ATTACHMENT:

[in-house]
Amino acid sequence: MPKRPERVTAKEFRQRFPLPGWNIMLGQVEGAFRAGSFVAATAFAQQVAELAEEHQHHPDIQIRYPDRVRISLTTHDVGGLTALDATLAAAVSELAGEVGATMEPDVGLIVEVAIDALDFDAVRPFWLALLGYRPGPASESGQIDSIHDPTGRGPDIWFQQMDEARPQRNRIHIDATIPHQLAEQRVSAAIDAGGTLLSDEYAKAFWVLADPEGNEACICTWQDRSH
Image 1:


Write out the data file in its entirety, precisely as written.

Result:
[in-house]
Amino acid sequence: MPKRPERVTAKEFRQRFPLPGWNIMLGQVEGAFRAGSFVAATAFAQQVAELAEEHQHHPDIQIRYPDRVRISLTTHDVGGLTALDATLAAAVSELAGEVGATMEPDVGLIVEVAIDALDFDAVRPFWLALLGYRPGPASESGQIDSIHDPTGRGPDIWFQQMDEARPQRNRIHIDATIPHQLAEQRVSAAIDAGGTLLSDEYAKAFWVLADPEGNEACICTWQDRSH
Image 1: